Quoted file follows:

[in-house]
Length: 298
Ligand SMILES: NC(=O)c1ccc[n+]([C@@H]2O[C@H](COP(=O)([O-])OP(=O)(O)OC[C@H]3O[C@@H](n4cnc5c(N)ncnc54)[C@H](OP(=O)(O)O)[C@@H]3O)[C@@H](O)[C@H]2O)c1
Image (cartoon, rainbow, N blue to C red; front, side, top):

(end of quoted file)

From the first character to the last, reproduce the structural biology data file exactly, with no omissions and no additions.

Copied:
[in-house]
Length: 298
Ligand SMILES: NC(=O)c1ccc[n+]([C@@H]2O[C@H](COP(=O)([O-])OP(=O)(O)OC[C@H]3O[C@@H](n4cnc5c(N)ncnc54)[C@H](OP(=O)(O)O)[C@@H]3O)[C@@H](O)[C@H]2O)c1
Image (cartoon, rainbow, N blue to C red; front, side, top):